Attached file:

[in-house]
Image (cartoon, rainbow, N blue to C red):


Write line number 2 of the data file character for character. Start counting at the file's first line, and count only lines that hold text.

Image (cartoon, rainbow, N blue to C red):